Communication

Posted on November 25, 2009. Filed under: Uncategorized |

Many of us are getting ready for the holidays and we are preparing to send out our holiday cards and New Year wishes.  All of the “holiday cheer” has gotten me thinking about our modes of communication and how much they have changed since the second World War.  It used to be that when someone wanted to get in touch with a loved one they would get out a typewriter or a fountain pen and spend a great deal of time and effort perfecting the letter because they did not have the luxury of the backspace key on their personal computers.  A great deal of the personality has been taken out of writing today because of the technology boom that we have been experiencing for the last fifteen to twenty years.

The question that I pose is whether something is lost in the communication that cannot be aided with personal communication?  With cell phones, the internet, video messaging, and so much more, is it possible that people are still able to connect on a deep level without handwriting letters to their loved ones?  What advantages are there to the communication age that we live in for soldiers and their families?

I think that something is lost by not handwriting letters anymore, but a sense of security is given by the instant messaging that we have today.  I know that my sister in law is just happy to hear from her husband regardless of whether it is on facebook or on the telephone.  Being able to know that a family member is okay when they are in professions such as the military is extremely important.  It makes the computer that much more important in our lives when we could potentially hear something from my brother in law in Afghanistan at any minute.  In an age where there is never enough time in a day, this new method is very advantageous.

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4 Responses to “Communication”

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A life without Facebook, AOL, and Email!!!!! I don’t know how I would survive! Our society has become wrapped up in the new forms of communication which unfortunately has meant the decline of other forms. I personally think receiving a letter or a “middle school” note is much more intimate and romantic then any email or Facebook message could ever be. I know many people in the military and I couldn’t imagine what it would be like to have to wait weeks to hear from them. The new forms of communication have been great for families and friends of military members. However, how will we document this war for the years to come? Of course we have books and video but what about communication between couples? I know that if my boyfriend was overseas I would definitely prefer the instant communication and wouldn’t be concerned about documentation for the future. Maybe one day there will be a book full of racy and maybe too informative Facebook messages and emails.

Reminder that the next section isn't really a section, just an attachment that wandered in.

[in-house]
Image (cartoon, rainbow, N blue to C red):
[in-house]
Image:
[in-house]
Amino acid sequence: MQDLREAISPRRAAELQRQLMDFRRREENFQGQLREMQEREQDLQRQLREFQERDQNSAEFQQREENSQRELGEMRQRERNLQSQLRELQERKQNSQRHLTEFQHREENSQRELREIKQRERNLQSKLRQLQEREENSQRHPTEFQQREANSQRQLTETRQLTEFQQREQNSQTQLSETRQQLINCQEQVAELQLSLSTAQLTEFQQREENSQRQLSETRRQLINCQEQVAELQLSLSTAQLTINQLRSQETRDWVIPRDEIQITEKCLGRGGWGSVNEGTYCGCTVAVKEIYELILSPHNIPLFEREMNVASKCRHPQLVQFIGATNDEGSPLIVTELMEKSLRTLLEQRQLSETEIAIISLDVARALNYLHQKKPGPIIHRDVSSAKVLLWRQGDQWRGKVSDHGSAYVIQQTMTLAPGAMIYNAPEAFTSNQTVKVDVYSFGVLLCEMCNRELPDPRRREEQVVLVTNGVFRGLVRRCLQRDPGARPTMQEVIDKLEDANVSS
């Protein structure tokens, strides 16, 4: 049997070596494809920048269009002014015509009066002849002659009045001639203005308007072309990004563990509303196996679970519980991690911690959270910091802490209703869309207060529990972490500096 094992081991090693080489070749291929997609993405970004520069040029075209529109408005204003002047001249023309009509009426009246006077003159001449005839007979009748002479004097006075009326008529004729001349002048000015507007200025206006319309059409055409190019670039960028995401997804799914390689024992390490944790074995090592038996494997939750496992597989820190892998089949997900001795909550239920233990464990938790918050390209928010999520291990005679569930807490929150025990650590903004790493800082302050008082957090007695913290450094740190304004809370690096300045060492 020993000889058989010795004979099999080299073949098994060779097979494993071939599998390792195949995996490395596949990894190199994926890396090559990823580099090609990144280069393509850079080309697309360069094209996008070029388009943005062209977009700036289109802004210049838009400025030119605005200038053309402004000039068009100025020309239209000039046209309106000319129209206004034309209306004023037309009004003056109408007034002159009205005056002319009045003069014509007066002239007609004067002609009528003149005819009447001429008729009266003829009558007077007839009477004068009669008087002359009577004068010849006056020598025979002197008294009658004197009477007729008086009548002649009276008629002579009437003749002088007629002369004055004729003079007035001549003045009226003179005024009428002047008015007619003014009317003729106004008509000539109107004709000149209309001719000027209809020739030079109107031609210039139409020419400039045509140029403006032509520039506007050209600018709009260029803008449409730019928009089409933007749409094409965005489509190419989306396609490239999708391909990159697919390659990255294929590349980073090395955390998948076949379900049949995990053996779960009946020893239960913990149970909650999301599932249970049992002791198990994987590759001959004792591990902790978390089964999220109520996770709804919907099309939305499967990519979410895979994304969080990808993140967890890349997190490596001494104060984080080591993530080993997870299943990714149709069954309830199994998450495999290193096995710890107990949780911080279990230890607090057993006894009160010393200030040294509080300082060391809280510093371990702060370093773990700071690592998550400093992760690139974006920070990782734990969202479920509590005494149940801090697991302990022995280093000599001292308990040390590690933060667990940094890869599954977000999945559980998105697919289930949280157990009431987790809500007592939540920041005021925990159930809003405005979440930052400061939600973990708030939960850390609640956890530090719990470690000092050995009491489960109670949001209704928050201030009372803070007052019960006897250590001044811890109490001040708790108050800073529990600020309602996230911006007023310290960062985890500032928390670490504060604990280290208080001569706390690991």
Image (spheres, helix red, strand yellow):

Rebekka,

I think that your question, “is something lost in communication that cannot be aided with personal communication” is very appropriate. Ever since this was brought up in class I have been switching from one side to the other. I say the current communication through facebook, e-mail, and Skype offers an element of communication that letters don’t. For one this type of communication allows for letters to be sent quicker. At the same time, they keep the soldier updated with pictures and allow for video chat. I think sometimes many of these men and women want nothing more than to see there loved ones at home.